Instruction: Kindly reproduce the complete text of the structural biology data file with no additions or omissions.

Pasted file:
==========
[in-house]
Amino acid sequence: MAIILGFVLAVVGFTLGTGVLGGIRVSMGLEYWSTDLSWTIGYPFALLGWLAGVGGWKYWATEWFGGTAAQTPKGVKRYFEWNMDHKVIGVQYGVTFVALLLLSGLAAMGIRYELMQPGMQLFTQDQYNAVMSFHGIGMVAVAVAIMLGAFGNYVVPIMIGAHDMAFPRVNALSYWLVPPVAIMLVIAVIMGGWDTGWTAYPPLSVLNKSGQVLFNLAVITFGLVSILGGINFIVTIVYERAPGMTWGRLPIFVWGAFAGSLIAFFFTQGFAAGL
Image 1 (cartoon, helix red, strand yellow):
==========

[in-house]
Amino acid sequence: MAIILGFVLAVVGFTLGTGVLGGIRVSMGLEYWSTDLSWTIGYPFALLGWLAGVGGWKYWATEWFGGTAAQTPKGVKRYFEWNMDHKVIGVQYGVTFVALLLLSGLAAMGIRYELMQPGMQLFTQDQYNAVMSFHGIGMVAVAVAIMLGAFGNYVVPIMIGAHDMAFPRVNALSYWLVPPVAIMLVIAVIMGGWDTGWTAYPPLSVLNKSGQVLFNLAVITFGLVSILGGINFIVTIVYERAPGMTWGRLPIFVWGAFAGSLIAFFFTQGFAAGL
Image 1 (cartoon, helix red, strand yellow):